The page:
Scared Pale Men
Neal Stephenson on Lord Kelvin

The Grand Strategy of the British Empire

A decade ago Neal Stephenson went to East Penang Botanical Garden:

4.12: Mother Earth Mother Board: 5° 26.325' N, 100° 17.417' E Penang Botanical Gardens: Penang... lies just off the west coast of the Malay Peninsula. The British acquired it from the local sultan in the late 1700s, built a pathetic fort above the harbor, and named it, appropriately, after the hapless General Cornwallis. They set up a couple of churches and established the kernel of a judicial system. A vigorous market grew up around them. A few kilometers away, they built a botanical garden.

This seems like an odd set of priorities to us today. But gardens were not mere decorations to the British - they were strategic installations.

The headquarters was Kew Gardens outside of London. Penang was one of the forward outposts, and it became incomparably more important than the nearby fort. In 1876, 70,000 seeds of the rubber tree, painstakingly collected by botanists in the Amazon rain forest, were brought to Kew Gardens and planted in a greenhouse. About 2,800 of them germinated and were shipped to the botanical gardens in Sri Lanka and Penang, where they propagated explosively and were used to establish rubber plantations.

Most of these plantations were on the neighboring Malay Peninsula, a lumpy, bony tentacle of land that stretches for 1,000 miles from Bangkok in the north to Singapore in the south, where it grazes the equator. The landscape is a stalemate between, on one hand, the devastatingly powerful erosive forces of continual tropical rainstorms and dense plant life, and, on the other hand, some really, really hard rocks. Anything with the least propensity to be eroded did so a long time ago and turned into a paddy. What's left are ridges of stone that rise almost vertically from the landscape and are still mostly covered with rain forest, notwithstanding efforts by the locals to cut it all down. The flat stuff is all used for something - coconuts, date palms, banana trees, and above all, rubber.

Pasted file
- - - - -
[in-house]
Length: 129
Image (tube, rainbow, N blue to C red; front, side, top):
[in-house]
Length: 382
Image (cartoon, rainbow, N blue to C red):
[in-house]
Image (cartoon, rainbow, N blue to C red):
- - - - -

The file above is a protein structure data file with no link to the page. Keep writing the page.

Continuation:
Until artificial rubber was invented by the colony-impaired Germans, no modern economy could exist without the natural stuff. All of the important powers had tropical colonies where rubber was produced. For the Netherlands, it was Indonesia; for France, it was Indochina; for the British, it was what they then called Malaya, as well as many other places.

Without rubber and another kind of tree resin called gutta-percha, it would not have been possible to wire the world. Early telegraph lines were just naked conductors strung from pole to pole, but this worked poorly, especially in wet conditions, so some kind of flexible but durable insulation was needed. After much trial and error, rubber became the standard for terrestrial and aerial wires while gutta-percha (a natural gum also derived from a tree grown in Malaya) was used for submarine cables. Gutta-percha is humble-looking stuff, a nondescript brown crud that surrounds the inner core of old submarine cables to a thickness of perhaps 1 centimeter, but it was a wonder material back in those days, and the longer it remained immersed in salt water, the better it got.

So far, it was all according to the general plan that the British had in mind: find some useful DNA in the Americas, stockpile it at Kew Gardens, propagate it to other botanical gardens around the world, make money off the proceeds, and grow the economy. Modern-day Penang, however, is a good example of the notion of unintended consequences.

As soon as the British had established the rule of law in Penang, various kinds of Chinese people began to move in and establish businesses. Most of them were Hokkien Chinese from north of Hong Kong, though Cantonese, Hakka, and other groups also settled there. Likewise, Tamils and Sikhs came from across the Bay of Bengal. As rubber trees began to take over the countryside, a common arrangement was for Chinese immigrants to establish rubber plantations and hire Indian immigrants (as well as Malays) as laborers.

The British involvement, then, was more catalytic than anything else. They didn't own the rubber plantations. They merely bought the rubber on an open market from Chinese brokers who in turn bought it from producers of various ethnicities. The market was just a few square blocks of George Town where British law was enforced, i.e. where businessmen could rely on a few basics like property rights, contracts, and a currency...